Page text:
Monday, January 24, 2011

Now back to the regular scheduled broadcast

Pushing aside for just a bit the enormity of Mr Ebert referring to my blog and words things and life go on.

Wash had a therapy session this morning and it was fairly good timing. We're both stressed as of late, and it's been coming out in harsh ways. I am getting more and more drained and exhausted and scared of everything that is to come- and perhaps sooner without the chemo, and he is finally moving towards accepting that his death will be sometime sooner than 60years. He also was able to finally say out loud today that he has been using me and not appreciating me enough. Or communicating his thanks to me.

Here's where the Aspie part kicks in. He sees the physical movements that he makes towards me, hugs and all, as his form of appreciation. I do not. My brain needs things to be explicit sometimes and all I truly crave is an honest out-loud (un provoked) "Thank you, Tashi. I wouldn't be here without you."

It's true. It's also the hardest thing I have ever done. It's being a wife to him, defending his independence, and at the same time I'm the mom who has to remind him to shower, and eat, and clean up instead of playing all the time.
That's what he has been doing lately, just trying over and over to play. I wonder if that is truly what he wants from the end of his life, memories of building Lego skyscrapers? This is what we discussed. He wrote some notes and I will be trying to make sure he actually does take the time to think about today.

He's been limited, and I feel so guilty for that. It's my failing somehow in my head that he is dying AND poor and young. I can't make him older and I can't cure GBM, no matter my own intelligence. For a year on top he's been fighting chemo and cancer and trying to stay alive and instead of being able to have him do whatever he pleased, we were limited by money. By my lack of funds.
I have been in school or working since I was 16. Wash managed to get two AA degrees under his belt and almost graduated an Architect before he got sick. I don't know what to do with time and funds. I don't know if he yet has decided what he wants to do, to be, to live, before he dies.

We wanted a little slice of our own "normal". He was going to be an Architect, working at a firm somewhere, before starting his own. I was going to keep up as an intern working in Forensic Osteology/ Pathology. He would graduate, so would I. We would move a few times. Find good jobs. Work for a while, pay off student loans from grad school. He would design our home, and I'd take some time off to have a kid, then go back to work and he would be the Stay At Home Dad; taking a year or two off and then working from home.
A life filled with books. And movies. And laughs. And loads of geek references. Our kid would fall at the playground and say "Ow, gorramit!"

I've been fighting for our survival for a year. He's been fighting to live. We both said good-bye to that "normal" future when he went in for brain surgery.

.......... I don't know what to do with our life now.

His first MRI since he stopped chemo is tomorrow. He's terrified. So am I.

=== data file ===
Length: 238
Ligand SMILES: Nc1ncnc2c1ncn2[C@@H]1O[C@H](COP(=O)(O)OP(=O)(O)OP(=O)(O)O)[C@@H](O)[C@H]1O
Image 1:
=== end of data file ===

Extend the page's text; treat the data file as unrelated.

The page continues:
When everything else falls through, we always have each other.


  1. Oh Tashi, I am so sorry. I wish I could help. I haven' seen you since grade school. My daughter Sarah went to grade school with you. She sent me your blog and the New Times Article. I'll donate and also send you love and light. I am so sorry this happened to you and your love.

  2. I am going through something similar, m husband is a trooper, can he call you. I can't talk coherently anymore.

  3. I am thinking of you.

    I have no words.


  4. You should check out It's a blog written by Kate Baker, sister to Kage Baker, who wrote The Company novels. (If you haven't read any of The Company books, find them! There are a few (legally) free short stories floating around out there to get a taste of her work.) Kage died of cancer about a year ago. While Kate and Kage didn't have the Financial and Bureaucratic Black Pit of Doom and Hell that you've had to go through (not so far as I know, anyway), she still sounds like someone you could connect with. For all of our well-wishes and sympathy, so many of us can't really understand how you feel. Kate seems pretty responsive to blog readers; maybe she can help you figure out how to go forward with your life, now and after.

  5. Sounds kinda like both of you are grieving independently and at different stages.

    You're still mourning the loss of your dream life together, and now you're both having to give up your crazy life with cancer and chemo. Of course you feel out of synch - the situation is progressing faster than you can adapt to it. It's going to be very weird feeling when it's all over and you're not the caretaker any more.

    BTW, forget the Lego part. Wash's building skyscrapers! What d'ya expect? He's an architect. He has a whole career's worth of design projects to finish in the next few weeks. Just like you need to be told out-loud, it might be really important to tell him out-loud what a brilliant architect he is.

  6. Tashi: I get where you are coming from, althought I know not where you are going to.

    Yes, Live. Just live. And thank YOU, because you have taught me, since the first time I laid my eyes on you in the hospital hallway on that awful, awful day a bit over a year ago, what it means to live. To live through it all, the hard, the easy, the funny, the sad. The anger and the love, too.

    I love you both, and I hope you are both able to live with us in March, when we all go into another dimension.